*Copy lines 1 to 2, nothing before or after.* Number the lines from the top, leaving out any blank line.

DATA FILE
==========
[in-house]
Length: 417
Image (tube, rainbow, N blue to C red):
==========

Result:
[in-house]
Length: 417